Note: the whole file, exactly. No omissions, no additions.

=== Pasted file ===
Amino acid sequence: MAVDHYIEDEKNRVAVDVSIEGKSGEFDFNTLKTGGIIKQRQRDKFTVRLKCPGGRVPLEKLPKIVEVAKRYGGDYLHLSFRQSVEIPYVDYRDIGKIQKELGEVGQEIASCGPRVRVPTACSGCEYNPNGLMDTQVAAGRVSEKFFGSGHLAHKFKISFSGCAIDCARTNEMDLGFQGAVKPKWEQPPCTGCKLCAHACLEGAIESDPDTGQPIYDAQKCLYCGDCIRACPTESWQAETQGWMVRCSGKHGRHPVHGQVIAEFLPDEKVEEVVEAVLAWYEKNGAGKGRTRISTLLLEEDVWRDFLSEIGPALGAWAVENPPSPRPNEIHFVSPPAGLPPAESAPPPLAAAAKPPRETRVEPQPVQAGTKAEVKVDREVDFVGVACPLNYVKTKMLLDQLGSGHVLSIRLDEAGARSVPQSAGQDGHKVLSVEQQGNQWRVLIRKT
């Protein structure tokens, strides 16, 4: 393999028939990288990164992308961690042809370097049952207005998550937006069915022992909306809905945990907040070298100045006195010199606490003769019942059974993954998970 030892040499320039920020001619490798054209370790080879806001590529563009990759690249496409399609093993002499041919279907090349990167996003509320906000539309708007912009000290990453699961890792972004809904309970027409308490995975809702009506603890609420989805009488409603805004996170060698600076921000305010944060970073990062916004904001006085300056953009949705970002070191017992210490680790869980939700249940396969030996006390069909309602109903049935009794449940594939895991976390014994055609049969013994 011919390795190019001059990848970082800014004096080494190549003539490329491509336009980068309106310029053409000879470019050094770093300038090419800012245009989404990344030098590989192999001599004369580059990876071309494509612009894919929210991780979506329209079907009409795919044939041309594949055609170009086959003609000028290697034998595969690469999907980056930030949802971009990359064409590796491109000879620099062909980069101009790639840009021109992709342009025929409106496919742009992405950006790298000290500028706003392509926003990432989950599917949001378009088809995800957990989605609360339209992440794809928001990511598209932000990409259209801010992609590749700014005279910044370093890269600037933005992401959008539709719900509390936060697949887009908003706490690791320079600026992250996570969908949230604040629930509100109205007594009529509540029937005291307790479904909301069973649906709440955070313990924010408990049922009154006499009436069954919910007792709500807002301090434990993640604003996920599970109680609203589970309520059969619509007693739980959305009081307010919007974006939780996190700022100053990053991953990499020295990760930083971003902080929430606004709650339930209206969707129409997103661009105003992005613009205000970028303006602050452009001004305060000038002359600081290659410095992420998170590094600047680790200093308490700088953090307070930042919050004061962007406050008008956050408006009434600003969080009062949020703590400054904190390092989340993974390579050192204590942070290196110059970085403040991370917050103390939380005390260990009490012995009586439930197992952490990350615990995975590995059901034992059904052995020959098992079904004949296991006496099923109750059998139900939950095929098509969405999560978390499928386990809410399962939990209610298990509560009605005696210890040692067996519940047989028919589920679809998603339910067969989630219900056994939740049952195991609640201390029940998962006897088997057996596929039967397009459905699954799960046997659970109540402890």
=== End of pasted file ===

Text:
Amino acid sequence: MAVDHYIEDEKNRVAVDVSIEGKSGEFDFNTLKTGGIIKQRQRDKFTVRLKCPGGRVPLEKLPKIVEVAKRYGGDYLHLSFRQSVEIPYVDYRDIGKIQKELGEVGQEIASCGPRVRVPTACSGCEYNPNGLMDTQVAAGRVSEKFFGSGHLAHKFKISFSGCAIDCARTNEMDLGFQGAVKPKWEQPPCTGCKLCAHACLEGAIESDPDTGQPIYDAQKCLYCGDCIRACPTESWQAETQGWMVRCSGKHGRHPVHGQVIAEFLPDEKVEEVVEAVLAWYEKNGAGKGRTRISTLLLEEDVWRDFLSEIGPALGAWAVENPPSPRPNEIHFVSPPAGLPPAESAPPPLAAAAKPPRETRVEPQPVQAGTKAEVKVDREVDFVGVACPLNYVKTKMLLDQLGSGHVLSIRLDEAGARSVPQSAGQDGHKVLSVEQQGNQWRVLIRKT
């Protein structure tokens, strides 16, 4: 393999028939990288990164992308961690042809370097049952207005998550937006069915022992909306809905945990907040070298100045006195010199606490003769019942059974993954998970 030892040499320039920020001619490798054209370790080879806001590529563009990759690249496409399609093993002499041919279907090349990167996003509320906000539309708007912009000290990453699961890792972004809904309970027409308490995975809702009506603890609420989805009488409603805004996170060698600076921000305010944060970073990062916004904001006085300056953009949705970002070191017992210490680790869980939700249940396969030996006390069909309602109903049935009794449940594939895991976390014994055609049969013994 011919390795190019001059990848970082800014004096080494190549003539490329491509336009980068309106310029053409000879470019050094770093300038090419800012245009989404990344030098590989192999001599004369580059990876071309494509612009894919929210991780979506329209079907009409795919044939041309594949055609170009086959003609000028290697034998595969690469999907980056930030949802971009990359064409590796491109000879620099062909980069101009790639840009021109992709342009025929409106496919742009992405950006790298000290500028706003392509926003990432989950599917949001378009088809995800957990989605609360339209992440794809928001990511598209932000990409259209801010992609590749700014005279910044370093890269600037933005992401959008539709719900509390936060697949887009908003706490690791320079600026992250996570969908949230604040629930509100109205007594009529509540029937005291307790479904909301069973649906709440955070313990924010408990049922009154006499009436069954919910007792709500807002301090434990993640604003996920599970109680609203589970309520059969619509007693739980959305009081307010919007974006939780996190700022100053990053991953990499020295990760930083971003902080929430606004709650339930209206969707129409997103661009105003992005613009205000970028303006602050452009001004305060000038002359600081290659410095992420998170590094600047680790200093308490700088953090307070930042919050004061962007406050008008956050408006009434600003969080009062949020703590400054904190390092989340993974390579050192204590942070290196110059970085403040991370917050103390939380005390260990009490012995009586439930197992952490990350615990995975590995059901034992059904052995020959098992079904004949296991006496099923109750059998139900939950095929098509969405999560978390499928386990809410399962939990209610298990509560009605005696210890040692067996519940047989028919589920679809998603339910067969989630219900056994939740049952195991609640201390029940998962006897088997057996596929039967397009459905699954799960046997659970109540402890």